Since its enactment, the Clean Water Act of 1972 has led to significant and continued improvement in the quality of the nation’s waters. By in large, it has been a successful piece of legislation. Among other things, it has lead to stronger silt control legislation for construction sites and has made factories clean up their waste before it is put back into the water cycle.
The current law does rightly limit government authority over folks private property, and, as always, some government agencies have made attempts to overstep these boundaries. The US Supreme Court has made at least 2 decisions that Federal Agencies exceeded the authority granted them by this act. Rather than accept the High Court’s decisions in these cases, some advocates have decided to change the language of this law.
In 2009, I published an article about a couple of bills that had moved through the US House and Senate that would have changed the word “navigable water” to “waters of the United States”. Although it may be well-meaning, from an environmental protection standpoint, it is a dangerous proposition- since the act says that the US Government OWNS the navigable water- this change actually gives the US Government ownership of EVERY drop of water that falls on US soil. This would include that water that is contained in the soil (and therefore the soil itsself) and could easily be used to force land owners to stop harvesting rain or restrict use of private wells, if not out-and-out remove owners from the land they live on. This is why many private property advocacy organizations as well as farmers across the nation were so outspoken against this idea back then, and their efforts killed the respective bills.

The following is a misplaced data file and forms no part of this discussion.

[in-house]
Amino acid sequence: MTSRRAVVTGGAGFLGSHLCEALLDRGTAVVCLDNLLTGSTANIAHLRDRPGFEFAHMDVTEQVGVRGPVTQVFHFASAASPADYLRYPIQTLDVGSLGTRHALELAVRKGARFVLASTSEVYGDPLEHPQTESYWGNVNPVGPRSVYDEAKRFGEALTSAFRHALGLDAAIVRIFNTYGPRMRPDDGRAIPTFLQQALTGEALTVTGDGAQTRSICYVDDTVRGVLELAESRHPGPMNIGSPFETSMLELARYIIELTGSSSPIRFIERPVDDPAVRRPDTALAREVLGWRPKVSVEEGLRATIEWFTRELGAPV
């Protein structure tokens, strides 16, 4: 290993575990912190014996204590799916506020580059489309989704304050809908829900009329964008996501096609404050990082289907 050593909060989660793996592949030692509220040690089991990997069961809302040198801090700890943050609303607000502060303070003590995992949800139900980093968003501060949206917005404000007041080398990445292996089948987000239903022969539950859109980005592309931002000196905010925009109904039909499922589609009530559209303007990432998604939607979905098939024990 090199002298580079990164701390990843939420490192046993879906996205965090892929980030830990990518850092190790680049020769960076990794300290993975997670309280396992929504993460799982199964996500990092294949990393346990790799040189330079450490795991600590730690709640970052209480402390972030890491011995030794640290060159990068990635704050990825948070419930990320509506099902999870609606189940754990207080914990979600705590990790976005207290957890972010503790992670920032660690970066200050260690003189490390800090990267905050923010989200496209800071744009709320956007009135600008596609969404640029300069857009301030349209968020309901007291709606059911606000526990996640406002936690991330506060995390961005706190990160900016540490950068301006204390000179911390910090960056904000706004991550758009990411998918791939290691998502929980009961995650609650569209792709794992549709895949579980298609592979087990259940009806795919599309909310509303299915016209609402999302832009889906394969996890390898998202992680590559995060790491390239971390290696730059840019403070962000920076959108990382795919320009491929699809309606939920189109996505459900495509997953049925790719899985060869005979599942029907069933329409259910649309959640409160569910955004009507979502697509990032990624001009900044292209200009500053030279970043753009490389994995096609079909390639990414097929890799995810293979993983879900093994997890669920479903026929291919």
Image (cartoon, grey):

Today, the EPA is asking for the same change, and they are enlisting all sorts of well-meaning folks for help. Here in Georgia, where I help operate a small farm, we are members of Georgia Organics, an organization which provides advocacy and support for farms of all size who are interested in sustainable and natural farming practices. Georgia Organics publishes contact information for all its member farms.
We recently got a message from a young man representing an organization called Environmental Georgia asking us to sign a “food producers petition for clean streams in Georgia”. It is a petition affirming the dangerous change in wording that is now proposed by the EPA.
Small farmers, well-owners, rain harvesters, and other responsible landowners are on the right side of this issue- we understand that the water resources we have is all we get, and we do whatever we can to protect and preserve it. I would be terribly upset if a public or private utility contractor were allowed to drill wells on my property without my consent, and remove that water to sell to its customers.
I don’t suppose Environmental Georgia really wants the federal government to take land from private citizens. I believe these folks are honestly trying to do what is best for the environment, but as with so many pieces of legislation, unintended consequences are not always considered. We hope Environmental Georgia and other similar groups across the country will think about all the known and well-documented problems with this revision and help push the EPA to find a way to protect wetlands without leaving an open loophole for corporate interests to use their lobbying power to take resources away from us- the small farmers of America.
Add to favorites